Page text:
Per capita consumption of legumes has been declining for several generations in every country where pulses previously played a critical nutritional role. Only India’s annual per capita consumption of legumes remains above 10 kg/year (FAO, 2001). In contrast, no other crop diffusion in agricultural history has been as rapid and as economically far-reaching as the cultivation of soybeans for feed. US soybean plant-ings rose from a few thousand hectares in the early 1930s to more than 20 Mha since the early 1970s, and they now produce more than 50Mt/year. Brazilian soybean production rose even faster, from a negligible total in the early 1960s to more than 20Mt by the early 1990s. These two countries now produce two-thirds of the global soybean harvest, virtually all of it for animal feed.
Rising af uence combined with concerns about healthy diets has resulted in a steady growth of fruit production. Global fruit output has tripled since 1950, but this does not convey the unprecedented variety of fruits, including many tropical imports as well as winter shipments of subtropical and temperate species from the southern hemisphere, that are now available virtually year-round in all rich countries. The trend of rising fruit production recently has been most obvious in rapidly modernizing China where fruit harvests (now also increasingly for export) rose more than 10-fold (from less than 7 to more than 70 Mt) between 1980 and 2000 (National Bureau of Statistics, 2000).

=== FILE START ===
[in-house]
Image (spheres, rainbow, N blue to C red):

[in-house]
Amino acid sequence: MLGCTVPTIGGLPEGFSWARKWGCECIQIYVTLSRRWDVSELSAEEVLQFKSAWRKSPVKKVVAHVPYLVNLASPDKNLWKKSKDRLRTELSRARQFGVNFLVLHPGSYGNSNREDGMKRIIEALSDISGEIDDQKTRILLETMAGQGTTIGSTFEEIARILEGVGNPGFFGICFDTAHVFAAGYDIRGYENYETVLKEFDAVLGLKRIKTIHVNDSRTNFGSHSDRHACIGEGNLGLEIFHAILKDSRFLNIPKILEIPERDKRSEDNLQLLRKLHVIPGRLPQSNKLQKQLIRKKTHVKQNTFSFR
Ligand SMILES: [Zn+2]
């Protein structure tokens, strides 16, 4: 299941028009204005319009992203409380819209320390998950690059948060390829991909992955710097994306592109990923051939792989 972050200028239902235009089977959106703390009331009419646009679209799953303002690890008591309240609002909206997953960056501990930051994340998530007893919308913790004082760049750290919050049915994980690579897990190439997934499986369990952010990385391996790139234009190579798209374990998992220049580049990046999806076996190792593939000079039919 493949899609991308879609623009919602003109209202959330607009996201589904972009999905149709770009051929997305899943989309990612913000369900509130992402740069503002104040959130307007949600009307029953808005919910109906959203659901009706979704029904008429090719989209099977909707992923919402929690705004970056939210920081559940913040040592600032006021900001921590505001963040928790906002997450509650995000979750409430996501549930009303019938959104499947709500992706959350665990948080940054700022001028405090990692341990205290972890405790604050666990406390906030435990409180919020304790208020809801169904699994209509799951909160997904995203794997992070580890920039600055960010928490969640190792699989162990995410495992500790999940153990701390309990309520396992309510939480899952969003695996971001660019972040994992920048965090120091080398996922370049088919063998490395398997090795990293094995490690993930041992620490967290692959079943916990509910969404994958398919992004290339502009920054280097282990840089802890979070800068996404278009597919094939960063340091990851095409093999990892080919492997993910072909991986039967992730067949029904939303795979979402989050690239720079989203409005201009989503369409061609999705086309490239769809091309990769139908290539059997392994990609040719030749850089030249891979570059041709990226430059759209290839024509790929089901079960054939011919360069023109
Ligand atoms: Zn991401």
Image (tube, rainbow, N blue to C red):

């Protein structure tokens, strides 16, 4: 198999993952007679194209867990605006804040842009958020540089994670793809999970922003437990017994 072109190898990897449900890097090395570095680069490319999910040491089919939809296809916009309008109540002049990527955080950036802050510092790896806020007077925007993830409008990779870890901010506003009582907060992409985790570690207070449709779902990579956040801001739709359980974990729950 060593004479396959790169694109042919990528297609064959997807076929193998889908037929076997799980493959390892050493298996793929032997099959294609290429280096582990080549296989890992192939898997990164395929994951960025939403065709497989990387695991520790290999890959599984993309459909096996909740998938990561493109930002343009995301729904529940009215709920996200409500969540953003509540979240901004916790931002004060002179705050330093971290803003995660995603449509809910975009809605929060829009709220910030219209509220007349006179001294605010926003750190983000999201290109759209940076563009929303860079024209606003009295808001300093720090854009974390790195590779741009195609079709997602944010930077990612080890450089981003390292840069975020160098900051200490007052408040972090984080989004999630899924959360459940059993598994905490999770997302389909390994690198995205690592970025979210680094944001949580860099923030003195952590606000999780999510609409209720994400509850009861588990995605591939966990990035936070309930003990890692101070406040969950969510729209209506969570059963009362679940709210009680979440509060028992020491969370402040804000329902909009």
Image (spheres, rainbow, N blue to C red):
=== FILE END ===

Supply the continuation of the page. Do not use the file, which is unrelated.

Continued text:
With global annual output of nearly 500Mt cow’s milk is the most important animal  food. Annual output of all kinds of milk amounts to about 570 Mt. Per capita avail-abilities of dairy products are large in North America and Western Europe (in excess of 250kg/year) and negligible in traditionally nonmilking societies of East Asia. Pork, with about 80 Mt/year and rising, is by far the most important meat worldwide, with China and the US slaughtering the largest number of animals. Total meat output, including poultry, is now over 200 Mt a year, prorating to almost 80 kg/capita in rich countries and to about 25 kg/capita in the poor world. Poultry production (near 60 Mt/year) is now ahead of the combined beef and veal output and it will continue to rise. Consumption of hen eggs is now at more than 40Mt a year, and recent rapid growth of aquaculture (its combined freshwater and marine output is now close to 30Mt a year, equal to nearly a quarter of ocean catch) has put cultured fish, crustaceans, and mollusks ahead of mutton.
After a period of decline and stagnation the global marine catch began rising once more during the mid-1990s and is now close to 100 Mt/year but major increases are highly unlikely. A conservative assessment of the global marine potential concluded that by 1996 the world ocean was being fully fished, with about 60% of some 200 major marine fish resources being either overexploited or at the peak of their sustainable harvest (FAO, 1997). Consequently, if long-term marine catches were to be kept at around 100 Mt a year then 50 years from now the population growth would cut per capita fish supply by more than half compared to the late 1990s level. The importance of this harvest is due to its nutritional quality. During the late 1990s the world’s aver-age per capita supply of some 14 kg of marine species contained only a few percent of all available food energy, but it supplied about one-sixth of all animal protein. More importantly, aquatic species provide more than a third of animal protein to at least 200 million people, mostly in east and southeast Asia (FAO, 2001).